in the data file. It's this characteristic of a multiple return LAS data set that allows the point cloud to be used to
generate a 3-D view of the area surveyed in many software applications an example of which is shown in this graphic:
One of the important features of the post processed LAS file is the classification of each return, or more correctly the
classification of the type of feature the light pulse struck. Normal feature types include bare earth, water, low vegetation,
medium height vegetation, high height vegetation, and buildings, among others. At a minimum, returns are usually classified
to be water, bare earth and non-bare earth points, with other types of non-bare earth points, such as buildings and vegetation,
included depending on the use of the data. Having the bare earth points classified, allows the point cloud to be used to create
the bare earth or ground level digital elevation model (DEM) of the study area, which is one of the primary uses of airborne LiDAR
data. The standard APSRS file format has reserved class codes for these primary point classes with bare earth points always given
Class 2, and water points Class 9.
Times recorded for light pulses collected in a LiDAR project are given in a system called GPS time, since GPS data are
integral to tracking the LiDAR pulses. GPS time started at midnight Sunday, January 6, 1980, which is when the first GPS
satellites became active. It is counted by the number of seconds in each week since January 6, 1980, which is week 0 (zero).
The time stamp for a LiDAR point is the total number of seconds that have elapsed from midnight January 6, 1980. GPS time
converters are available that can convert the total number of seconds to an actual date. For example, the time of
1,018,084,530.0000 seconds given for the sample point above equates to a date of April 10, 2012, 9:15:15 AM.
The raw and post processed point clouds, often called the unclassified and classified LAS files, are the data format in which
the actual point returns are delivered. While the point clouds are extremely valuable for performing many kinds of surface analysis,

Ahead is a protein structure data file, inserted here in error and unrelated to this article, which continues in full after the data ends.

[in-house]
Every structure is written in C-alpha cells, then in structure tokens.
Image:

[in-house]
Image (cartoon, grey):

it is the derived LiDAR products which are most widely used. Included in these derived products are bare earth digital elevation
models (DEM), first return digital surface models (DSM), hillshade files (shaded relief surfaces), triangulated irregular networks
(TIN), and elevation contours. The most important of these are the DEM and the hillshade file. The DEM is a raster data type with
each cell or pixel storing a ground elevation value calculated from the bare earth points in a LiDAR collection, and can be used in a
many different GIS raster processing operations. The hillshade file is simply a 3-D shaded relief layer of the DEM, and is very
helpful in visualizing what the terrain actually looks like. Contours, which are vector layers linking points of the same elevations,
are also a common LiDAR derived product, and familiar to most people as one of the data types shown on a topographic map.
There are several sources for New Jersey LiDAR data, both the raw and classified point clouds and the derived products. The
Office of GIS (OGIS) within the Office of Information Technology is presently the state branch handling the distribution of LiDAR
data sets covering New Jersey. Because of the size of the collections, distribution from OGIS is by request, with the distribution
on external hard drive.
Read the instructions for acquiring the data from OGIS.
New Jersey LiDAR data is also available from several federal distribution sites. The USGS posts LiDAR data sets for download on
several sites including EarthExplorer, and
The National Map.
LiDAR data covering coastal areas of New Jersey are also available from
NOAA's DigitalCoast site.